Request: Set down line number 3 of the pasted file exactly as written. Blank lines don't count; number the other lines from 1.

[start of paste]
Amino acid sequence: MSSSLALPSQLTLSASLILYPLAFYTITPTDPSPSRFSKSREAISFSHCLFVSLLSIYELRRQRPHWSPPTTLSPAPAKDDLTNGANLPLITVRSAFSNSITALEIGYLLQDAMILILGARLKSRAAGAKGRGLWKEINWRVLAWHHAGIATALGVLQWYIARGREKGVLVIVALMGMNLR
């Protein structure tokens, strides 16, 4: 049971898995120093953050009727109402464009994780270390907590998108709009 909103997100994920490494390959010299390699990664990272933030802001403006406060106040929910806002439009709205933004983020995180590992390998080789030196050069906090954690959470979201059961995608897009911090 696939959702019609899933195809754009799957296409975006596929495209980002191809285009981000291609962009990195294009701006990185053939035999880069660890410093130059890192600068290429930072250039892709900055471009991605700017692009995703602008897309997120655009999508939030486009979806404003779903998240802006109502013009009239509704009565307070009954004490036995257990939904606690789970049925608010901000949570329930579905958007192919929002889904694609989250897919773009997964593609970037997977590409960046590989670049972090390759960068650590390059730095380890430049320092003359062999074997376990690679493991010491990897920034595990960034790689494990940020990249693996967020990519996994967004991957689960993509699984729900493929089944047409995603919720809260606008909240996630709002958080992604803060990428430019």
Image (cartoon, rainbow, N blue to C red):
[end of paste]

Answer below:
Image (cartoon, rainbow, N blue to C red):